On Friday, October 1, Guy B. wrote in response to “Who edited the final Maricopa County final audit report?” Here’s what he said:
Please check the Gateway Pundit (http://tilnyurl.com/2mdj7akn) article where the head contractor of Cyber Ninjas, Doug Logan says the draft you quoted is a fake, and that the paragraph with the total numbers, etc., was never part of the report. I expect to see a correction from you.
Thanks for writing, Guy, but I really don’t think a correction is warranted here. Certainly an update and a rationale for what we said, but not a correction. And we also still have questions.
In fact, that’s how our commentary in the September 28 morning edition started out, with questions. As we later responded to another reader, Howard A., who said we’d been “trolled” by a fake report, we had not just swallowed this story as some conservative sites had. Since we didn’t know how much credibility to give it, we used obvious qualifiers such as “IF this is true...” and “It has been reported...”
We specifically said, “NO ACCUSATIONS [emphasis added here], just questions.” So there is nothing to issue a correction for. All we were doing was asking questions and, in this age of fake news, trying to find out if it was true. As we told reader Howard A., “If just calling for answers is going to be criticized, there is little hope for enlightening discourse in this country.”
Even the headline, “Who edited the Maricopa County final audit report?”, was phrased as a question and worded so as not to accuse anyone of altering the report. Whoever was in charge of the final edit either did or not leave something out. We were in no position to say, but we wanted to know who was in charge of that final edit as we continued our questioning of the process.
The one reason we were inclined later on to give the report some credibility is that we’d gone to Patrick Byrne’s own website and found it there. According to reports, Byrne is THE biggest financial contributor to the Cyber Ninjas for the forensic audit, having raised $3.5 million for that effort. You’d think he, of all people, would have seen that word “decertification,” known the auditors hadn’t called for that, and recognized a fake audit report. But no, he put it on his “Deep Capture” website and also on Locals.com. As of this writing, it is still there.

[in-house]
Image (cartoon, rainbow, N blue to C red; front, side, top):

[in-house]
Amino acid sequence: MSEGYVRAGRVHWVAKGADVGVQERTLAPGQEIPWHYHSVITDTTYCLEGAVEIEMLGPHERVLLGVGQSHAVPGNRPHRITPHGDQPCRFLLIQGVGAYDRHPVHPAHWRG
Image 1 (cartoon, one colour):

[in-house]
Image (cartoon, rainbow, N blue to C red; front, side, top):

We tend to think of Byrne not taking down that report as Sherlock Holmes might think of the dogs not barking. In itself, it’s not evidence of anything, but it’s something we still want to look into. The Arizona Senate is saying the document is not real –- that there was never a draft that talked about decertification –- yet the major financier for Cyber Ninjas apparently still maintains it’s real. That seems odd, so, naturally, we have questions –- the biggest one being, if that earlier version of the report is indeed fake, who gave it to Byrne? (It looks as though he’s the one who provided it to THE GATEWAY PUNDIT.) And why has BYRNE not issued a correction or removed the post?
THE GATEWAY PUNDIT did indeed made accusations, starting with the headline “Arizona Audit Final Audit Report Was Watered Down.” So in that case, if the earlier draft is a fake, a correction on their part is appropriate. We quoted from the draft but allowed from the beginning that the document might not be real.
Here’s the story in the WASHINGTON EXAMINER about the Senate’s announcement that the document was not real. Rather than decertifying the vote in Arizona, what the Senate has actually done is turn the audit over to the state attorney general’s office for further investigation. State Attorney General Mark Brnovich says he will take all actions he has the authority to do if the evidence warrants it.
Rod Thomson, a spokesperson for Cyber Ninjas, said that “the exact origin of the false report is unknown” and that no such version was ever sent to the Arizona Senate for review. So, again, the mystery to us is how that “false” version ended up being posted by Patrick Byrne.
The Executive Summary of the audit by Cyber Ninjas –- the REAL one, as far as we can tell –- does not call for outright decertification but does say that the County failed to cooperate and even actively interfered with their audit research, to the point where “full audit results validating the 2020 General Election are necessarily inconclusive.” The auditors recommend that “several specific findings of our audit be reviewed by the Arizona attorney general for a possible investigation.”
So, what do you know? Both the fake report and the real report say the auditors can’t validate the election results. Conveniently, the story about a fake report and conservatives getting “trolled” is a great way to pull attention away from the seriousness of the real report.